Gross tonnage is measure of the total enclosed volume of the ship in cubic metres multiplied by a constant, and the net tonnage (or Register tonnage) is the total enclosed volume available for cargo in cubic metres multiplied by a constant.
Port dues, canal dues and various government dues are often levied on these measurement tonnages. Shipowners, naturally anxious to keep the dues they paid down to a minimum, instructed their naval architects to study the rules carefully so as to build a ship of a certain capacity with the smallest gross tonnage possible. In order to encourage safety, governments would offer various exempted spaces as an incentive for good building practices: for instance, the double bottom was exempted from gross tonnage if it was used only for water ballast. The precise definitions of measurement tonnage had therefore become long, detailed and fairly complex. To add to this seeming confusion, different countries had developed different rules for making these measurements. Prior to 1982 there were about five basic systems in use: British, American, most other maritime nations, the Suez Canal Authority and the Panama Canal Authority. However, ships built before 1982 were allowed to retain their original GRT and NRT, if the owners so wished, until 18 July 1994.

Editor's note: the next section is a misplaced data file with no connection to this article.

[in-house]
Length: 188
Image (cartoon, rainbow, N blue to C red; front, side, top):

Gross registered tonnage was the total internal capacity below the uppermost continuous deck, the ‘tonnage’ deck for most ship, plus all permanent enclosed spaces above this deck, less exempted spaces. Examples of exempted spaces were double bottom tanks, if used only for water ballast, and crew ablution rooms above the upper deck. Net registered tonnage was the gross tonnage less deducted spaces. Examples of deducted spaces included machinery spaces, crew accommodation, chart room and radio room.